At the Retail Tech JAPAN 2022 exhibition held in Tokyo, Japan from March 1 to March 4, the demonstration of a cashier-less store called “CO-URIBA” unveiled by Hitachi Ltd. caught the attention of many people.
The “CO-URIBA” service, which was also aired on Japan’s leading broadcasters such as NHK, TV Asahi, and Nippon TV, implements a cashier-less store where users can shop, select products, and pay for them with only their facial recognition and without a wallet or smartphone payment function. Users register their face photos or credit card information in advance, and verify their identity by projecting their face on a special screen installed in the store. After authentication, users’ payment is automatically performed when they leave the store with a product from one of the store’s display stands in their hands. This system completes the purchase procedure so users can select products and leave the store quickly and easily without having to use their wallet or smartphone to make a payment.
The core of this service is the 3D LiDAR (hereinafter referred to as TOF) sensor of Hitachi-LG Data Storage, Inc. (hereinafter referred to as HLDS, Co-Presidents MIN BYUNG HUN and TSUJIURA TAKASHI) that can accurately detect 3D information about an object within a distance of about 10 meters in real time. The sensor detects the movement of customers in the store, instantly identifies which products have been sold, and accurately determines whether a customer returns a product once held in their hand or when multiple customers select a product at the same time.
Multiple sensors are used in the configuration of such a cashier-less shop. HLDS has internally developed a “stitching” technology that maps 3D data so that it can operate as one sensor by connecting the 3D data of multiple sensors, thus providing a more accurate tracking technology.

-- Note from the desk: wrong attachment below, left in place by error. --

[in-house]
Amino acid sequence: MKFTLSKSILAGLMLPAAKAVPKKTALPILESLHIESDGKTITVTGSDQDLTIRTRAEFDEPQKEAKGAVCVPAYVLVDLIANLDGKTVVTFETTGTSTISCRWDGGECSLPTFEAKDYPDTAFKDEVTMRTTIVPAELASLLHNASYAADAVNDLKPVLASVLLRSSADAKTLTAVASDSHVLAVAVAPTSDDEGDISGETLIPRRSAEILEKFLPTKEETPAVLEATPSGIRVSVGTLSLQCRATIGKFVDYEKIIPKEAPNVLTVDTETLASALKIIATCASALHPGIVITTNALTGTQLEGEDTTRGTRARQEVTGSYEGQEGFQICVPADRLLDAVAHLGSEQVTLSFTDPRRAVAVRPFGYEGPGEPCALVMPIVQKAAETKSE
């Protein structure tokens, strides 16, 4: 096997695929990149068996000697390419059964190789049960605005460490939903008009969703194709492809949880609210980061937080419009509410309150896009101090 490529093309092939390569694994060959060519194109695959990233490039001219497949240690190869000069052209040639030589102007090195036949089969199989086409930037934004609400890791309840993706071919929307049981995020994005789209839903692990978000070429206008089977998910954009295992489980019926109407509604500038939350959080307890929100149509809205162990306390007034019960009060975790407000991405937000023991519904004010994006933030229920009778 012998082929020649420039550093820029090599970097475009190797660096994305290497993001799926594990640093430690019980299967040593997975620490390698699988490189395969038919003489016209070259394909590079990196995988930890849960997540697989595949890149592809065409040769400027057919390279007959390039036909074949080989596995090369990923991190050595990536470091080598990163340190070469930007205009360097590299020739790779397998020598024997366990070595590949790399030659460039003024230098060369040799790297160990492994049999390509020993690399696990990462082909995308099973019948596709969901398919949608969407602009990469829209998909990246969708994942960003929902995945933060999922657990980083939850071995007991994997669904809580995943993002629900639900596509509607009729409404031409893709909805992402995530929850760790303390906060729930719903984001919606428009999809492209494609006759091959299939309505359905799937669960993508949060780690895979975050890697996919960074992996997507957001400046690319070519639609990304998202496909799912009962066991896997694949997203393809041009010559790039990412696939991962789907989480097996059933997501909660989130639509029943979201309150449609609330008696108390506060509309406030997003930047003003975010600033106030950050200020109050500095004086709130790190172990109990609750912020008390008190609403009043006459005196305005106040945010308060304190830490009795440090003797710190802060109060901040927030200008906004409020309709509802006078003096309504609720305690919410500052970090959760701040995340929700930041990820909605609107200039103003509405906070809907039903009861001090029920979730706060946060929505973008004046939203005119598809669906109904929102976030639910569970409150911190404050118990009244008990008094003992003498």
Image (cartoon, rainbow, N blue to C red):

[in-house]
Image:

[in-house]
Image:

TOF sensors also provide a variety of information that can be used for marketing in smart stores, including checking the number of customers in many stores, tracking movements, and analyzing customers’ dwell time. The information is visualized in various ways through HL-DP™, a cloud-based, enterprise-grade IoT operation platform newly unveiled by HLDS. It is expressed simply as a number, but it can also be viewed through a heat map, real-time imaging, or a time series graph. These data are used as customer analysis data in conjunction with various types of data (gender, age, sales, etc.) along with dwell time and Hand Touch (tracking the customer’s reach) information based on movement information.
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Based on the LwM2M (IoT device management) standard, the HL-DP™ platform provides not only the display of data collected from sensors, but also various user-friendly features, including remote sensor device monitoring and control. Through HL-DP™, users can operate the device with simple controls without visiting the site by using the fine adjustment feature such as adjusting the angle of the sensor, and can also save maintenance costs through fault monitoring, self-diagnosis, and FOTA (Firmware Over-The-Air).
Another strength of the HL-DP™ platform is that it provides a platform with interworking API features that enable management by the integration of multiple sensors. In addition to the TOF sensors currently used as a smart store solution, it can be managed by connecting to temperature, dust, and humidity sensors. In particular, when interworking with face recognition-based devices that are scheduled to be released by HLDS, a strong synergy effect is expected as types of customer information can be secured and connected.
HLDS sensor solutions for smart retail stores are already being commercialized through collaboration with major retailers. HLDS solutions are being provided to large convenience stores in Korea and Japan to implement new cashier-less stores, and smart retail solutions are being applied and piloted in various types of retail stores. These sensors are in the spotlight because of their high accuracy and relatively low investment and maintenance costs compared to existing technology for cashier-less stores.
HLDS is a joint venture between Hitachi Ltd. of Japan and LG Electronics of Korea and is a leader in optical drives, such as DVD and Blu-ray players for PCs. HLDS has developed a variety of 2D and 3D sensors utilizing the high-precision optical technology used in these optical drives, and recently, with the commercialization of cashier-less stores, these sensors are once again in the spotlight. Recently, innovative convergence products such as SAFE PASS PLUS, which converges digital signage and face recognition access control devices, are attracting attention.
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